Oil is a finite resource. New technologies may make greater oil production possible, but will also increase environmental damage in the process. In the past, a significant part of U.S. oil supply was imported from foreign sources and may be again in the future. Many of these sources are in unfriendly, politically unstable regions. Foreign oil dependence may be seen as a basis for military actions.
Coal is the dirtiest fossil fuel. It still provides the largest share of US electricity. New technologies may make it a cleaner source of energy, but the increased cost has led the industry to resist the development of “clean coal” projects. Mining activities continue to cause major environmental damage.
Atomic Energy is not included as an area for alternative energy investment – it is unsafe and expensive. There is a significant potential for accident or attack, unresolved radioactive waste disposal problems and frequent community opposition. Dismantling and decommissioning existing facilities appears to be more expensive than originally projected due to problems with safe disposal of radioactive materials and components.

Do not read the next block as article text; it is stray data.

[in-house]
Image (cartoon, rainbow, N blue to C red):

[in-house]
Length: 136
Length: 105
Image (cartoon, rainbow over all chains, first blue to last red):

Socially Irresponsible Business Practices
It is our principle to not invest in companies with:
unfair/discriminatory labor practices
employment of children
poor treatment of people in developing countries
discrimination of any sort, including that based on religion, race, ethnicity, gender, sexuality or disability
damaging environmental policies
animal testing practices
We remain alert to changing social concerns.
What effect does screening for social responsibility have?
The Fund periodically faces the dilemma of considering investment in a company that produces a promising environmental product, but whose other characteristics are not acceptable to our socially responsible standards. There are various degrees and subjective judgments concerning this topic. We tend towards avoiding companies with negative behavior at the expense of missing out on a promising product.
We solicit and use information and opinions of our shareholders, many of whom are knowledgeable about the technologies in which we invest. We equally invite the opinions of shareholders about the propriety of the companies in which we invest.